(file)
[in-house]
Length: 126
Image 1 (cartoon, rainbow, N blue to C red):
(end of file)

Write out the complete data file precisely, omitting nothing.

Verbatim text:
[in-house]
Length: 126
Image 1 (cartoon, rainbow, N blue to C red):